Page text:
Letter to the Editor

Scand J Work Environ Health 1996;22(1):67    pdf

doi:10.5271/sjweh.113

Mesothelioma in oil refinery workers

by Finkelstein M

I read with interest the exchange of correspondence between Wong (1) and Gennaro et al (2) concerning the issue of pleural mesothelioma in oil refinery workers. I recently had occasion to investigate this issue in Ontario after being contacted by a man who had worked as an insulator in a refinery and who had been diagnosed with pleural mesothelioma. Lambton County is the home of much of Ontario's refining and petrochemical industry. Between 1976 and 1985, there were 13 deaths from mesothelioma. Lambton County ranked first for the rate of pleural mesothelioma and fourth for the rate of peritoneal mesothelioma in men (3). The standardized mortality ratio (SMR) for lung cancer for men in the County was 1.06 [95% confidence interval (95% CI) 0.96--1.17] in comparison with that for men from other provincial census divisions.

I undertook a case-referent analysis based on the use of death certificates using information from the Ontario Mortality Registry from 1980 to 1992. There were two objectives for the investigation. First, we wished to assess the association between employment in the refinery and petrochemical sector and mesothelioma in the County. Second, it was hypothesized that, since maintenance employees in that sector had an increased risk of mesothelioma attributable to asbestos exposure, they might also be at increased risk of lung cancer, despite evidence that there was no overall increase in the risk of lung cancer among workers in the refinery and petrochemical sector.

Ten of the men with mesothelioma were from the refinery and petrochemical sector. All had pleural mesothelioma listed on their death certificate. Six had been employed as maintenance workers, one had been a pumphouse operator, one a process operator, and two were retired from this sector with job unspecified on the death certificate. Eight of 46 referents were from the refinery and petrochemical sector. One of 46 had been employed as a maintenance worker, six had been employed in process work, and one in clerical work. The odds ratio for mesothelioma among the maintenance workers in the refinery and petrochemical sector was 24.5 (90% CI 3.1--102).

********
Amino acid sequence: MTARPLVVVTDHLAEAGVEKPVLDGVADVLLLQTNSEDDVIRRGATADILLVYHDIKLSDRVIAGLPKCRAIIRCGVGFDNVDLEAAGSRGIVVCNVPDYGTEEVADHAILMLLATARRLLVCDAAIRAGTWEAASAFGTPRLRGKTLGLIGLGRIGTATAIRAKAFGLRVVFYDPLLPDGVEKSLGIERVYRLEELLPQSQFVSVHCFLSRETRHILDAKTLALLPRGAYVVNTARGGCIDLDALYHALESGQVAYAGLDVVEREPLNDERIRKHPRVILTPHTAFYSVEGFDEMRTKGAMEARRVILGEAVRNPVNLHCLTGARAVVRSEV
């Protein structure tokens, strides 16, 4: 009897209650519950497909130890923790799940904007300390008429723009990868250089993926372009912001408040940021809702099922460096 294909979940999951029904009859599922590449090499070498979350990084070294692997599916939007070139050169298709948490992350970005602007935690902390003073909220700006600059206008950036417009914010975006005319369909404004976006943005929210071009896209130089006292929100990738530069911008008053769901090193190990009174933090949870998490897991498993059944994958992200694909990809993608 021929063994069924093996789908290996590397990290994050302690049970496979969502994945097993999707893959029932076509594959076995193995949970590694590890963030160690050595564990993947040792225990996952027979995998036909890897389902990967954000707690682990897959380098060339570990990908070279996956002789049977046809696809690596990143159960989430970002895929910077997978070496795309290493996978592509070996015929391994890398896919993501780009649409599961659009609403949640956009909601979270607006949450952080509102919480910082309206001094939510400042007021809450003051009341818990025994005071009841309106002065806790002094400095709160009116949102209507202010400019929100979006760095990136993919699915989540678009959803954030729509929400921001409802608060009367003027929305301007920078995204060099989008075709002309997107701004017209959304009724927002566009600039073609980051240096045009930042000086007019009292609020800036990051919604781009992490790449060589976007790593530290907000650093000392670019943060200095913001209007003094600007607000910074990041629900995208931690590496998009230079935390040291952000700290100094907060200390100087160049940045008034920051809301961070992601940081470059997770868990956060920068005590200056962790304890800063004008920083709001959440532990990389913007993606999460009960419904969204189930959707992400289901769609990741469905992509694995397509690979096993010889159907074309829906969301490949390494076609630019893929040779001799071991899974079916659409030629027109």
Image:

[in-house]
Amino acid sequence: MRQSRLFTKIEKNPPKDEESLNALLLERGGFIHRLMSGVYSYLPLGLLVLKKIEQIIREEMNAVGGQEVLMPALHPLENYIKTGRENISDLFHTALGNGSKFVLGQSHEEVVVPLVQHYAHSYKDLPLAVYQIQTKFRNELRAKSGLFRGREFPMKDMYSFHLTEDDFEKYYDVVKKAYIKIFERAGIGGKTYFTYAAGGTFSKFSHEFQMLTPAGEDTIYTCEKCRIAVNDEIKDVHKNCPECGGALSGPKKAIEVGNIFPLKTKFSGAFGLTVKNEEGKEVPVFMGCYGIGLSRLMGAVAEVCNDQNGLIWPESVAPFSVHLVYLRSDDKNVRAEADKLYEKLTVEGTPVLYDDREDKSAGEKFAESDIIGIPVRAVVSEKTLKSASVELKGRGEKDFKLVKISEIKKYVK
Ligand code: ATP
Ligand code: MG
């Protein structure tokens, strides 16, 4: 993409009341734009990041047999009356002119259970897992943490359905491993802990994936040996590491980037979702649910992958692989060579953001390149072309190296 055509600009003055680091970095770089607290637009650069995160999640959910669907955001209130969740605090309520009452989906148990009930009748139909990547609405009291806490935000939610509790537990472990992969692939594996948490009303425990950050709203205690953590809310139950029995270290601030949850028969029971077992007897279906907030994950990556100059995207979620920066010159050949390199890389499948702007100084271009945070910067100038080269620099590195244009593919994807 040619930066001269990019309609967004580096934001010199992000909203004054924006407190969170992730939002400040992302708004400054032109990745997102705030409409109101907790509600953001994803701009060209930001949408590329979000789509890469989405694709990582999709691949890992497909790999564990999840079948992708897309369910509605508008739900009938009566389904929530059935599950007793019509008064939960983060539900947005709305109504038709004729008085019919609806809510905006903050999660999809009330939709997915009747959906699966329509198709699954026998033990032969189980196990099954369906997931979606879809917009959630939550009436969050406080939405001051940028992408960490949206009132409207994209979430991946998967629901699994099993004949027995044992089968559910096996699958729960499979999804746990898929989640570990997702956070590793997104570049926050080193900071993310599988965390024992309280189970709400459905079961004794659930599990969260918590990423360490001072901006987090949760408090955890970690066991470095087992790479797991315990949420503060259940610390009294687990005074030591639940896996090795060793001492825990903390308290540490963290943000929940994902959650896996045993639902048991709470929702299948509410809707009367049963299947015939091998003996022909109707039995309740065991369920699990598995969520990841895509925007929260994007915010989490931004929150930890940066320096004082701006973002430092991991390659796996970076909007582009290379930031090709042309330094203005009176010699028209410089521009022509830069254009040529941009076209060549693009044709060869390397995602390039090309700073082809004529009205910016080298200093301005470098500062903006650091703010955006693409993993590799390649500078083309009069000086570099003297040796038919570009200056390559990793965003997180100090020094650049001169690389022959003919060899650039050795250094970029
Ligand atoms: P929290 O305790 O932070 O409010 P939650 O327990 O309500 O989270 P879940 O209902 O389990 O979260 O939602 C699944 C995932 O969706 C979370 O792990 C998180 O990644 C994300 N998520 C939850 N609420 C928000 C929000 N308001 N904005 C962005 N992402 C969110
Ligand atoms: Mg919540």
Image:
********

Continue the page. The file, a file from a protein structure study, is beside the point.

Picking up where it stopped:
The risk of lung cancer among all the petrochemical workers, in comparison with all other workers in the country, was 0.88. In an internal comparison of maintenance employees with other blue-collar workers in the refinery and petrochemical sector, we found that 28 of 50 maintenance employees had been diagnosed with lung cancer compared with 21 of 50 other blue-collar workers. The odds ratio for lung cancer was 1.73 (90% CI 0.83--3.6). This finding might be compared with the SMR of 197 (95% CI 113--320) reported by Gennaro et al (2) in their internal comparison of maintenance workers and other employees.

I conclude that there is likely an association between maintenance work in the refinery and petrochemical sector and an increased risk of asbestos-associated tumors. We are planning additional case-referent studies in follow-up.

This article refers to the following text of the Journal: 1995;21(4):301-309
The following article refers to this text: 2009;0 suppl 7:41-47